As you can see, probiotic research is still relatively young. This means that more research needs to take place in order to fully answer when the best time to take probiotics is.
In the meantime, current research supports taking probiotics with 1% milk or low-full fat yogurt and about 30 minutes before eating. For best results, I recommend taking the probiotic at the same time everyday.
Are Probiotics Safe?
Only minor side effects have been reported in healthy individuals. These include gas and bloating and should subside over time. If your gut symptoms don’t improve, or they get worse, you may be suffering from SIBO. Consult with your healthcare professional about how to test for this.
Probiotics are not recommended for people who have impaired immune symptoms or are critically ill. Always consult with your healthcare professional before starting a new supplement and don’t forget to discuss potential interactions with current medications.
Probiotic Best Practice Tips
Although there is no consensus about when the best time to take probiotics is, there is evidence to support certain best practices. See my 4 best practice tips and recommendations for choosing, taking and storing your probiotic:
- Choose a probiotic strain/s that has been studied and shown to be beneficial for the use you are wanting it for. Find one with organisms from all three major strains:
- Lactobacillus & Bifidobacterium predominated blends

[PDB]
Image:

- Saccharomyces Boulardii
- Bacillus species
- Choose a high-quality brand:
- Multiple strains working together
- The end product has been studied and shown to have beneficial effects
- The dose is at least 1 billion CFUs
- Consistency overtime is more important than a specific time of day
- Store it properly:
- Check the label
- These are living organisms and often need to be stored in the fridge
We still have a lot to learn about how probiotics work and how to maximize their benefits. What we do know is that they can change the microbial makeup of our bodies. They also have the potential to improve more than just our guts.
Finding the absolute best time to take probiotics is complex and will require more time and research. It appears to be more important to take the probiotics consistently and with a little bit of fat rather than at a specific time of day.
One more thing, no one has all the answers. So, if you come across a resource that claims they do, be skeptical.